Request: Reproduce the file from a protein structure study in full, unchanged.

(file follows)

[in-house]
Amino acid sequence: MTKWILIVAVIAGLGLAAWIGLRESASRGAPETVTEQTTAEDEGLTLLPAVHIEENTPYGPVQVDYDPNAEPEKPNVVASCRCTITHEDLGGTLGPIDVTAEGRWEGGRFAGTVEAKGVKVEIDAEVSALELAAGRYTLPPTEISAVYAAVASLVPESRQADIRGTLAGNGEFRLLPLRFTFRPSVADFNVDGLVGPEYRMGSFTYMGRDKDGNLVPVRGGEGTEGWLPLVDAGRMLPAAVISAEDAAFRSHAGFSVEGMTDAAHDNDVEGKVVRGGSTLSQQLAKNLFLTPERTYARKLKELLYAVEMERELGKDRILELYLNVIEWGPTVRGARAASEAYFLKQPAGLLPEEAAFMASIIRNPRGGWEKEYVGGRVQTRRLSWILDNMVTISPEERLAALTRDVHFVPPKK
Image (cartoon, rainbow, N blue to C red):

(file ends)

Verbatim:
[in-house]
Amino acid sequence: MTKWILIVAVIAGLGLAAWIGLRESASRGAPETVTEQTTAEDEGLTLLPAVHIEENTPYGPVQVDYDPNAEPEKPNVVASCRCTITHEDLGGTLGPIDVTAEGRWEGGRFAGTVEAKGVKVEIDAEVSALELAAGRYTLPPTEISAVYAAVASLVPESRQADIRGTLAGNGEFRLLPLRFTFRPSVADFNVDGLVGPEYRMGSFTYMGRDKDGNLVPVRGGEGTEGWLPLVDAGRMLPAAVISAEDAAFRSHAGFSVEGMTDAAHDNDVEGKVVRGGSTLSQQLAKNLFLTPERTYARKLKELLYAVEMERELGKDRILELYLNVIEWGPTVRGARAASEAYFLKQPAGLLPEEAAFMASIIRNPRGGWEKEYVGGRVQTRRLSWILDNMVTISPEERLAALTRDVHFVPPKK
Image (cartoon, rainbow, N blue to C red):